parent who does not respect limits

said: May 13, 2006
 55 posts

I need some advice about how to deal with a parent who insists on ignoring my requests to limit what he does for “fun” with his daughter on the violin. “John” is a school teacher with a degree in music (piano) and when his daughter began violin with me last year he was originally the home-teacher, however he had trouble with the fact that she did not get to play her violin right away and would just do stuff with her at home that contradicted my instruction. The little girl, six at the time, was very stressed. Eventually, Mom became the home-teacher and everything was much better—much less pressure to perform immediately. “John” also takes lessons from me although he does what he wants and we work on what he brings me—currently bowing issues. At first he thought it was easy to play the violin and now he is realizing it is not so. He can figure out how to play anything, so we work on technical things in his lesson. The problem I have, is that he just goes ahead and teaches his daughter stuff. His wife says he has a bit of a problem with authority. I have asked him not to do certain things. His attitude is that she should be able to play just for fun, rather than work all the time. This may be true, but she is on working on Twinkle variation “C”, so she does not have a lot to draw on for recreation. I have asked him to limit what they do for fun to the things she already knows, suggesting that simply spending the time with him will make it fun, and he can play the duet part. Today, the girl came to her lesson telling me that her dad had her playing stuff on the G-string. I am going to have to call Mom, I think, and have a talk. I hate to bring it up with the “John” again because his daughter is “tattling” on him. Any advice how to deal with this would be appreciated. Thanks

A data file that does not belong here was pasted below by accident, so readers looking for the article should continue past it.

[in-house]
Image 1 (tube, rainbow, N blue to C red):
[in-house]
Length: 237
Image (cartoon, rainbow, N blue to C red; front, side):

Melissa said: May 13, 2006
 151 posts

I would sit down and have a talk with “John” and say that it is important for him to listen to your instruction when it comes to you teaching his daughter violin. Tell him that is how this (your) method works. Tell him that there are reasons why you don’t want her to play such and such because… and explain why. End the converstion by saying if this doesn’t happen and you cannot listen to my authority, as a teacher, then it will unfortunately be impossible for me to teach your daughter violin, and we’ll need to end her lessons.
It sounds like tough love, I know. But I have been there. Parents do best with direct firm rules (guidelines.)

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